The Daily Bucket is a regular feature of the Backyard Science group, a place where everyone is welcome to note the observations you have made of the natural world around you. Fledglings, insects, blossoms, fish, climate, reptiles and/or amphibians: all are worthy additions to the bucket. Ask questions if you have them and someone here may well have an answer. All we ask is that you let us know where you're located, as close as you're comfortable revealing.Seattle - May 7, 2013
The regular Forest watchers have spent many hours over the years standing in rain and sun and the half-light of dawn and dusk - just standing, silently, watching and listening for the Forest's Barred Owls. In January and February we listen for the call and response of the established pairs as they reestablish their territories. A bit later we stop and smile when we hear their courting and mating sounds. We are peeping toms and we know it, and we have no shame sharing the owls' most intimate moments among ourselves.
Much of the information we share is delivered in passing. J1 and I meet on a trail, she headed into the Forest and me out, our dogs eager to swim or still wet and eager to eat, but both settling down politely at our feet as we talk. She speaks of following the crows to a new nest site, perhaps the nest of a pair too young to understand that their choice may be too close to the public places, too accessible to untrained owl paparazzi who have been directed to the nest by people who should know better. I have heard crows there for weeks now and have suspected the presence of an owl nest. Now, knowing its location, I search daily from a hidden place on the ridge above the nest site. I have not seen them, but am confident that they are there.
Other information flies through the ether. I had to be dragged into the 21st century of text messaging, but have discovered elegance in its ability to transfer information in almost complete silence when silence is necessary:
(note that there are three nests now; we refer to them as N, S, and middle)Today walked into the Forest from the spine trail, the most public trail and the one we avoid most of the year, but the one with the quickest access to the middle nest. Cut down the side trail where last year's nest snag fell just after the kids had fledged. M is standing with J2 below us, trading a single pair of binocs back and forth, both grinning, dogs quiet at their feet. M catches sight of me and gestures, her hand pantomiming the head of an owlet playing peekaboo from a nest hole. I quicken my pace but arrive too late. Owlet has hunkered down out of sight, perhaps overwhelmed by a first glimpse of the world outside of its safe place.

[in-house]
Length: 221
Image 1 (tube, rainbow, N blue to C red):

B to M, April 25, 2013 5:00pm: Mom's hungry. N nest.
B to M, April 25, 2013 5:02pm: Dad just flew in, not to old nest. Closer to diagonal trail
M to B, April 25, 2013 5:04pm: We're coming...
M to B, April 30, 2013 9:33am: Papa's in his roost at the middle nest.
B to M, April 30, 2013 4:30pm: He's still here. Hummingbird is pissed.
M to B, April 30, 2013, 4:31pm: Ha!
B to M, April 30, 2013, 5:26pm: He's still here. Hummingbird is still pissed
M to B, May 1, 2013 4:51pm: Anything good?
B to M, May 1, 2013 5:14pm: Not much so far
B to M, May 3, 2013 4:19pm: Mama crying east of Papa's roost. Owlet hisses. High up. Can't see anything.
M to B, May 3, 2013 4:21pm: Why aren't you climbing trees for a better look?
M to B, May 3, 2013 4:21pm: Is that the middle nest?
B to M, May 3, 2013 4:25pm: Yes
M to B, May 4, 2013 8:30am: Saw a parent fly in with supper last night. Middle nest is in the maple where we thought
B to M, May 4, 2013 5:21pm, from middle nest: Food delivery
M to B, May 4, 2013, 5:55pm: Yeah!
We stay at a respectful distance, our presence hidden by trees and brush, speaking in indoor voices. I watch the nest hole until my arms begin to shake and see nothing, then scan the surrounding trees and find one of the adults, papa we think, perched in a cedar up the trail. He leans against the tree's trunk, head nodding, eyes closed. I've seen him in this place before.
The dogs rest. A Pacific-slope Flycatcher calls above us, very close: tueet?... seet?... tk? We can't find him. Swainson's Thrush trills from the deeper forest, north. Crow's shadow scrapes the forest floor as he passes over us. He does not stop.
The local rowing crews mass in the bay below us. Their coach yells amplified words we can't understand, and the dogs stir at the sound, telling us that they need to move on. Now.
Humans and dogs go on different paths. Poppa Owl continues to rest. Owlet stays hidden.
May 7, 2013. There is at least one owlet in the Forest's middle nest.
Your turn now - what's going on in your natural neighborhood?
I'll be in for a bit after noon, but have an old friend arriving from out of town later on in the day. We'll be catching up until Friday morning but I'll check in later tonight. Carry on and be good to one another.